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mIRC 7.1 Final is out

The “mIRC Unicode project” was successful it seems and Khaled Mardam-Bey just released version 7.1 of his famous IRC client.

The project to convert mIRC to Unicode has taken almost two years of development and testing and has required tens of thousands of changes to 150,000+ lines of source code. This has been the most complex and time-consuming update to mIRC since it was created in 1995, when it started out as a non-Unicode, 16-bit, Windows 3.1 application.

When looking at the changelog, there have been made well over 180 bugfixes and feature enhancements since mIRC 6.35 so it comes as no surprise that according to Khaled “many areas of mIRC have had to be updated or re-written” but should result in it “being faster, more stable, and more compatible with the latest versions of Windows”.

Aside from being converted to Unicode, the client gained a few new features too:

mIRC now supports configuration via UPnP which automatically opens ports for DCC on compatible routers and you may put it into full distraction fullscreen mode with the F11 key, starting from Beta 6.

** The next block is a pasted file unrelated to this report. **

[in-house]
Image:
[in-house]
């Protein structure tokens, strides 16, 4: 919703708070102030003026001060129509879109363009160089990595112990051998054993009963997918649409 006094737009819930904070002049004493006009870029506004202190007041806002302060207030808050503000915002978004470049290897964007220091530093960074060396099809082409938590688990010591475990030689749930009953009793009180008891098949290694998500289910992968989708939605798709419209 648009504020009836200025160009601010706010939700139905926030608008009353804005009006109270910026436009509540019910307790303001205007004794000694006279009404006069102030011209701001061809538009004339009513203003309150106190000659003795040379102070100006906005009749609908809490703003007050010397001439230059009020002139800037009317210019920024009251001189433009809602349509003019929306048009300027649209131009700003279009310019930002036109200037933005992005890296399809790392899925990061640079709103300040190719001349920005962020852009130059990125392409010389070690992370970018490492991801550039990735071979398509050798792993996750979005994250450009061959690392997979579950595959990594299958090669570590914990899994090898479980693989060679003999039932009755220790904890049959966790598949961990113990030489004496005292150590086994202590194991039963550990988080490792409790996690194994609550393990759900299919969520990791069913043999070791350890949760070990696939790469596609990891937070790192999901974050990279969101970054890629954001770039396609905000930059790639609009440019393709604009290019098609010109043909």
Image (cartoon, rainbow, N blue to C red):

You can take a look at the history of changes either on our own posting here or in the changelog that is supplied with the client itself which is available from the usual location, here.

Thanks for the tip go to wayne!

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Category: IRC, mIRC, Software
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  • katsklaw says:

    Before I begin here, it should be known that I’m an avid and loyal mIRC user and have been since nearly day 1. However, it’s really kinda pointless to upgrade mIRC past v6 or even 5.9 if you don’t dcc (like me).

    That’s because mIRC really hasn’t changed anything on the outside, it’s just bigger on the inside and breaks some pre-v6 scripts. There are no new features unless you think UTF8 is the bees knees. :/

    I’m done upgrading until mIRC puts some real user friendly features on the table. IRC is melting away because authors aren’t doing anything but bug fixes. We are losing users daily because IR can’t keep up with the ease of use of IM’s and all the mytwitterbooks out there and in 5-7 years, I dare say, it’s going to vanish all together.

    August 3, 2010 at 10:27 pm
  • L0nely^C0wboy says:

    I agreed with Katsklaw.

    August 6, 2010 at 2:11 pm
  • only_samurai says:


    While I agree with you in terms of not upgrading mIRC, I do disagree on the point that IRC will completely disappear in the next 5-7 years.

    The the majority of IM clients and facespaces out there do provide a new, more user friendly form of communication, but I don’t think they provide the exact same experience as an IRC channel. Chatrooms on AIM or Yahoo are largely bots and perverts, but you can still find decent IRC channels out there without too much effort. Sites like mibbit allow even the less savvy users to join through a “Web 2.0″ interface.